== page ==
When the FBI Firearms Training Unit’s Special Agent-in-Charge John Hall got involved with the FBI’s testing of more powerful ammunition after the infamous 1986 FBI Miami Shootout, he wanted to make sure the strength of a 10mm was considered. Offering up his own Colt Delta Elite 10mm for testing along with personally hand-loaded ammunition, Hall succeeded in making the FBI understand how to achieve terminal performance without such massive recoil. And when the FBI asked Smith and Wesson to create a 10mm round containing the appropriate powder, Smith and Wesson discovered there was significant air space left over. So they shortened the case, loaded the round with a 180 grain bullet, and made ammunition history with the creation of the .40 S&W.
.40 S&W provides speed and impact without the greater recoil of its parent cartridge, the 10mm. Yet even though it is a youngster in the world of ammunition at not quite a quarter of a century old, it has quite a following. Law enforcement officers all across the nation prefer it, Delta Force operators carry it on missions, and countless experienced shooters carry it for personal protection. If you’re a fan of the .40 S&W, you want to keep your gun fed at the range with ammunition produced to the same exacting standards as that first round was in 1990. Federal American Eagle target rounds are manufactured at their Anoka, Minnesota, plant with your needs in mind.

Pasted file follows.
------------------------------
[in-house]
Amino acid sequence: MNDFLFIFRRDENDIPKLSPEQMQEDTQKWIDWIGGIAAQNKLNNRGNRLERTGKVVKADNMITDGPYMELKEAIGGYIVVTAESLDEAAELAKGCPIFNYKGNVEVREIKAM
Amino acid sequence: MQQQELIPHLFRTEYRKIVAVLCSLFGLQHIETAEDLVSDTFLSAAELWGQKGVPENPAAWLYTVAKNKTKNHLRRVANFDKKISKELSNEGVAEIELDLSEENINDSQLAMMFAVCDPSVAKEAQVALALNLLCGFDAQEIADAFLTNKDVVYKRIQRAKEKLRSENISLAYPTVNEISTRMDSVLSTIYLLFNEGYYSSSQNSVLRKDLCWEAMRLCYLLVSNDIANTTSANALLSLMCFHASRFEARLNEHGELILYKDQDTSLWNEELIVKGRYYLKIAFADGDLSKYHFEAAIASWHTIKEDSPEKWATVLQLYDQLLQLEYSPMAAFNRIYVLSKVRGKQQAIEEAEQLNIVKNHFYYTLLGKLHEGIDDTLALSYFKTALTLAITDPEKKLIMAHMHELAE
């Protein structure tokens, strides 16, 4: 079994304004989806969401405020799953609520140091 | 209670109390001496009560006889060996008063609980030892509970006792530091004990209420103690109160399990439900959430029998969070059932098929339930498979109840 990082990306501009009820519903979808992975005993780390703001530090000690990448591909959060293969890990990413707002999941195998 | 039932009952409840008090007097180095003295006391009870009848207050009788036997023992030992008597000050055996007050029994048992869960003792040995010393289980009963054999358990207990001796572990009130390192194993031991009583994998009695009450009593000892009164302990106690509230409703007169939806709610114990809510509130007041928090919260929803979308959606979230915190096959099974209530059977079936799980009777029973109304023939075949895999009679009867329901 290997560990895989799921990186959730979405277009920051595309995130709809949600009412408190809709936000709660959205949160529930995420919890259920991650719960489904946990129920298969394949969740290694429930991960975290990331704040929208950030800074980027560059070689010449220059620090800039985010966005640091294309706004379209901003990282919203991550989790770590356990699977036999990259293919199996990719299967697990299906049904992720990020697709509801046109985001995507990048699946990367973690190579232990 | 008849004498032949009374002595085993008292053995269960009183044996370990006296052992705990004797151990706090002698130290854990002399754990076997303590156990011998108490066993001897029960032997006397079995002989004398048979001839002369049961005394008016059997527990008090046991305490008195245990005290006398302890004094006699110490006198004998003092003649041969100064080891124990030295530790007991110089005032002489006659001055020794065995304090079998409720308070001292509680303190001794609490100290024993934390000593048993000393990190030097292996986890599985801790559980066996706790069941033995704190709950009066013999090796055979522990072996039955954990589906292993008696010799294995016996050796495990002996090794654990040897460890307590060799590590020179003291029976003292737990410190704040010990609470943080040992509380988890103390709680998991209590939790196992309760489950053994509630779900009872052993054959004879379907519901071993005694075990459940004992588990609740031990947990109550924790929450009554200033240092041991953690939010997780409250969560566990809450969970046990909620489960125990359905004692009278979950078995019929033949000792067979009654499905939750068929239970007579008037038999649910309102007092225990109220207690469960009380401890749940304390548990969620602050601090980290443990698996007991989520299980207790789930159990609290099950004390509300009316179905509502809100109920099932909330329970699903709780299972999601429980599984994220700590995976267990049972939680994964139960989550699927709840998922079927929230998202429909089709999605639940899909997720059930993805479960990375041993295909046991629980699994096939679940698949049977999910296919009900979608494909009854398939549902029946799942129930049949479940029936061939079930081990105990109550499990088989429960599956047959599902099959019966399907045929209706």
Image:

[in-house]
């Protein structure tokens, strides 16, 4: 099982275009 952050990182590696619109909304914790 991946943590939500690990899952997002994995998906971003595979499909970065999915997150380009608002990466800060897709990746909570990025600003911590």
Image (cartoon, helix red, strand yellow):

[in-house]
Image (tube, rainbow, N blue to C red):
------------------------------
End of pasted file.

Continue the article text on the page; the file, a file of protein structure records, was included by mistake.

These FMJ rounds are great for target practice, tactical training, and plinking. They’re moderately heavy at 165 grain, but still quick with a muzzle velocity of 1,130 feet per second. And because they’re .40 S&W, they’ll put a sizeable hole in your target with a muzzle energy of 468 foot-pounds. There are 50 rounds in this box of ammunition, so you can spend some time enjoying the power of your .40 S&W at the range. In addition, you get extra value for your dollar because Federal uses fresh brass, boxer-primed cases, so they’re reloadable.